The Stripes of Donkerhuk
by John Clemens
This is a high dynamic range (HDR) photograph of an outcrop of the Early Cambrian Donkerhuk granite near Otjimbingwe in the Erongo region of Namibia. The granitic magmas intruded as literally thousands of subparallel sheets whose orientation in this locality was controlled by the magma feeder zone in the Okahandja Lineament and the flattening perpendicular to this, due to the 'soft' collision between the Congo and Kalahari Cratons. Although many, and perhaps most granitic intrusions are assembled from many relatively small injections or pulses of magma, preservation of these magma sheets is highly exceptional, so this body provides some unique insights into what is going on when batholiths are being constructed.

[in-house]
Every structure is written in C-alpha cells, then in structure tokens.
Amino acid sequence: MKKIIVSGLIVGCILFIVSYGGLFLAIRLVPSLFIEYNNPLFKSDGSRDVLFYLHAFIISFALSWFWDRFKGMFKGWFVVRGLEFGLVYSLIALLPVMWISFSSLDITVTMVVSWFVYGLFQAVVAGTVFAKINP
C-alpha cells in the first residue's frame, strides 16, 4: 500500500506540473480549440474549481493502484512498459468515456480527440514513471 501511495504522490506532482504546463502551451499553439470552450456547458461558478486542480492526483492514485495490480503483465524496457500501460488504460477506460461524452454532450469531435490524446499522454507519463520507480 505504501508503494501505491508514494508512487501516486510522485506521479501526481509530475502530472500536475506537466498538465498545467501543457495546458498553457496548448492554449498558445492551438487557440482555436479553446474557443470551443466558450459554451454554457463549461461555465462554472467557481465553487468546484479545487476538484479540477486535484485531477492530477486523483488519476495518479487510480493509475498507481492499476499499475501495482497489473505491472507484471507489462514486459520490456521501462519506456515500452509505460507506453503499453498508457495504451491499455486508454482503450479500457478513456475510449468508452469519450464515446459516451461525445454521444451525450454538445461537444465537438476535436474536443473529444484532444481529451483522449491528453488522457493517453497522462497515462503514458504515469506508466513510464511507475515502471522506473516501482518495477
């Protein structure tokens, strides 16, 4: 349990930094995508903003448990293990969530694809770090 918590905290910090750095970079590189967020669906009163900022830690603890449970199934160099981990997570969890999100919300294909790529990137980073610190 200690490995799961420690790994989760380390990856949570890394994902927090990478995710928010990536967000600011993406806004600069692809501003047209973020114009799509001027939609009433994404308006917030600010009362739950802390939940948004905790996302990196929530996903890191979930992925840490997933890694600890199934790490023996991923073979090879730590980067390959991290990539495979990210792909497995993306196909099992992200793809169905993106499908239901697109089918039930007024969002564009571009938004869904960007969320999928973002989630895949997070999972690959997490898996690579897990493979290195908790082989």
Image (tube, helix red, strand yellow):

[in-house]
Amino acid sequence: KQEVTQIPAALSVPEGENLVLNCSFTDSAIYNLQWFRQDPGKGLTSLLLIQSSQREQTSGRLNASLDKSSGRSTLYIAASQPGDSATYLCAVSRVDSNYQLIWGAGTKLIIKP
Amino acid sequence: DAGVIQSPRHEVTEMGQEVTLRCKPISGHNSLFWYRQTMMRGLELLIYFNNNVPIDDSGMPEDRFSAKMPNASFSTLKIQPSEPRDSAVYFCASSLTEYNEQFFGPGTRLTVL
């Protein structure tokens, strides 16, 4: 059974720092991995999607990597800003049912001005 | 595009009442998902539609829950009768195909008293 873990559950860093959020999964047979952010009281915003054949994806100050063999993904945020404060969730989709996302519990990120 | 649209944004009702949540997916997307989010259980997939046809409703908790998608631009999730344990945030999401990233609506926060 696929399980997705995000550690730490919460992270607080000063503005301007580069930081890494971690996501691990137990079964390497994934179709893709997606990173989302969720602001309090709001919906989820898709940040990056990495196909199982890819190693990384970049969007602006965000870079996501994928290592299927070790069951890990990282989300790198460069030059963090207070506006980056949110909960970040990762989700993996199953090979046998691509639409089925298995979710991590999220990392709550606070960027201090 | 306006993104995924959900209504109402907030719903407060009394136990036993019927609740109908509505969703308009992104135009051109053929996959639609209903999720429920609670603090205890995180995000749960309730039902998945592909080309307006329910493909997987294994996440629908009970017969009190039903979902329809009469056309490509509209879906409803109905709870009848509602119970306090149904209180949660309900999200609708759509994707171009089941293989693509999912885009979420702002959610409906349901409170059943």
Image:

The HDR photograph was assembled from three separate exposures, spaced at 1.66 eV and then fused and tone-mapped into the final image. This technique is useful for bringing out subtle structures in the subjects, as well as for overcoming the unwanted contrast effects of burned-out highlights and deep shadows in some strongly lit scenes.
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John Clemens (distributed via imaggeo.egu.eu)